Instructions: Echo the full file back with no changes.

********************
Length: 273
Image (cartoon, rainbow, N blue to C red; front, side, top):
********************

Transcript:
Length: 273
Image (cartoon, rainbow, N blue to C red; front, side, top):